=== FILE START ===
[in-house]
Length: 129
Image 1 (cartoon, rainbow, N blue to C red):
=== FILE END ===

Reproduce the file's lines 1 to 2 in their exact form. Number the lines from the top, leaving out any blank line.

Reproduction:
[in-house]
Length: 129